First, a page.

Abstract 102: Transient chromosomal instability as a driver of ovarian cancer genome evolution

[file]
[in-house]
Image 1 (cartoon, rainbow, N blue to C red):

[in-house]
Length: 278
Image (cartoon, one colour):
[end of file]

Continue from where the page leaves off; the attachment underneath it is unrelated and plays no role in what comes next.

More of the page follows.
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Chromosomal instability (CIN) is a major driver of tumor progression and treatment resistance in many cancers. CIN is characterized by ongoing chromosome missegregation, generating copy number heterogeneity that provides a substrate for natural selection. Although CIN has been well studied in model systems, the evolutionary dynamics and genomic impact of CIN is underexplored in primary tumors and metastases. Newly developed single cell genomics assays allow for the measurement of the whole genomes of single cells obtained from patient tissues, thus providing a direct view into the evolution of tumor genomes undergoing CIN. To study the single-cell and spatial variation of chromosomally unstable tumors, we performed multi-region analysis of 128 tumor samples in a cohort of 45 patients with high-grade serous ovarian cancer (HGSOC), an archetype of high CIN cancers. We performed single-cell whole genome sequencing (scWGS) and profiled a total of 70,644 single cells from 63 pre-treatment samples obtained across 43 patients. For each patient, we computed total and allele specific copy number per cell, and inferred the evolutionary history of each tumor, including clonal and subclonal whole genome doubling (WGD) events and cell-specific whole chromosome or arm level copy number changes, indicative of missegregations. To determine whether missegregated chromosomes fail to become part of the primary nucleus (PN) upon mitotic exit and become enclosed in a micronucleus (MN), we used high-resolution cGAS immunofluorescence (IF) microscopy to profile site-matched FFPE tissues and quantify spatially-resolved rates of MN formation and rupture across 128 site-matched samples. A majority of tumors were characterized by early clonal WGD (61%, 22/36 cases). The remaining patients exhibited subclonal WGD subpopulations averaging 10% of the patient’s cells in total. To understand the interplay between recent WGD and CIN across the cohort, we subset all patients cells into non-WGD, subclonal WGD, and clonal WGD and computed missegregation rates for these subsets. Non-WGD cells showed the lowest levels of missegregation. Subclonal WGD exhibited the highest rates of missegregation indicative of CIN following a recent WGD event. Clonal WGD exhibited intermediate levels of missegregation indicative of stabilization following a historical WGD event. CIN following WGD often resulted in a reduction in ploidy relative to the ancestral WGD cell. Using IF, we quantified the frequent breakdown of the MN membrane, and estimated spatially-resolved CIN rates by tracking localization of cGAS to the MN, which revealed elevated rates of MN formation and rupture. Through multimodal single cell measurements of HGSOC tumors, we were able to characterize genomic complexity from individual cell division errors in HGSOC, and shed light into how the transient processes governing ovarian cancer cell evolution impact the genomes of cell populations. Citation Format: Ignacio Vazquez-Garcia, Florian Uhlitz, Marc J. Williams, Jun Li, Hongyu Shi, Samuel Freeman, Matthew Myers, MSK SPECTRUM Consortium, Britta Weigelt, Dmitriy Zamarin, Andrew McPherson, Samuel F. Bakhoum, Sohrab P. Shah. Transient chromosomal instability as a driver of ovarian cancer genome evolution [abstract]. In: Proceedings of the American Association for Cancer Research Annual Meeting 2023; Part 1 (Regular and Invited Abstracts); 2023 Apr 14-19; Orlando, FL. Philadelphia (PA): AACR; Cancer Res 2023;83(7_Suppl):Abstract nr 102.

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